November 9th, 2009
Regular readers of this web site are well aware of the significant role American anti-gay Evangelicals have played in fomenting Uganda’s political climate against its LGBT citizens, beginning with a March 2009 ex-gay/anti-gay conference held in Kampala. The fruits of their actions flourished over the following weeks with a full-fledged public vigilante campaign and culminated in a bill being introduced last month which provides for the death penalty for LGBT Ugandans under certain circumstances. The bill also criminalizes all free speech and defense of gay people in that country and provides criminal penalties against friends and family members who refuse to report LGBT people to the police.
While we’ve focused our attention on those three American anti-gay activists whose actions are most directly tied to the latest chain of events in that country, the roots of American Evangelical involvement in Uganda run extraordinarily deep. According to the pro-government newspaper New Vision, Dr. Fred Hartley, the president of the College of Prayer International, held a prayer meeting in Kampala, where he instructed several MP’s on the power of prayer over — get this — witchcraft:
“You should not consult witchdoctors for success but instead seek help from God,” Dr. Fred Hartley, the president of the College of Prayer International, said. “I know witchcraft is a big problem in Uganda but as MPs, you should be exemplary,” he said.
…Hartley explained to the MPs that the Kingdom of God involves righteousness, joy, peace and the Holy Spirit. He told the MPs that if they prayed in line with the Kingdom of God they would be able to cast out demons.
The College of Prayer International identifies casting out demons as one of its core missions. They also seek to “train national leaders” with their superstitions:
What does all this have to do with the latest Anti-Homosexuality bill that’s been introduced in Uganda’s Parlaiment? Well, it turns out that two pivotal players in that saga have been involved with the COP, which is targeting Uganda’s political leaders for influence.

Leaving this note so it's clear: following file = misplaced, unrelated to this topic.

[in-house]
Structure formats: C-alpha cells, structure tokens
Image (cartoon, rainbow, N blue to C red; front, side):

Uganda Member of Parliament David Bahati, who introduced the Anti-Homosexuality bill into Parliament last month, was part of this prayer meeting, which resulted in his being selected as one of eight MP’s to serve on the Christian “servant leadership team” in Parliament for three years. Also at that meeting and included in that gang of eight was MP Benson Obua-Ogwa, who has been identified as one of the cosponsors who helped Bahati draft the Anti-Homosexuality Bill that is now before Parliament.
The U.S.-based College of Prayer International has extensive ties throughout Africa. After having worked elsewhere in Uganda, COP established a campus in Kampala, Uganda last April, with the specific intent of targeting Uganda government officials for recruitment:
The team consisted of Fred and Sherry Hartley, Mike Plunket, Joel Kangas, Julius Oyett and Rian Seipler. We were all amazed at what God is doing to transform this country. In the wake of civil war and bloodshed is a desire to seek the Lord and rule according to His righteous principles. We had two mornings with members of Parliament and we witnessed their earnest desire to pray and seek God for protection and guidance in their duties as heads of state. Join us in praying for this group of believers who want to establish a College of Prayer among the governmental leaders of Uganda.
The College of Prayer’s Third Quarter 2009 Report (PDF: 540KB/11 pages) identifies the Kampala branch as “one of our most exciting advances as the government open its doors to host the second module of the COP.” Is was that second module that was reported on in last week’s New Vision article. That meeting followed a larger African Prayer Summit held in Abidjan, Cote d’Ivoire July 21-25, with four more days of additional College of Prayer training. According to the COP’s report, MP Obua-Ogwal was also at that summit, where he heaped praise on the COP gathering:
On Thursday evening following our glorious day of prayer, the Honorable Benson Obua Ogwal, member of Parliament in Uganda declared,”Today was the greatest day of my life.” He explained that with all the demands placed on him as a governing official, this fresh encounter with Christ was the most refreshing and impactful moment in his life.
Later, he is quoted as saying:
It left a very big impact on me and I can assure you all that I am not the same Benson who left Uganda for Abidjan!
[Hat tip: Richard Bartholomew at Talk To Action]
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Prologue: Why I Went To “Love Won Out”
Part 1: What’s Love Got To Do With It?
Part 2: Parents Struggle With “No Exceptions”
Part 3: A Whole New Dialect
Part 4: It Depends On How The Meaning of the Word "Change" Changes
Part 5: A Candid Explanation For "Change"
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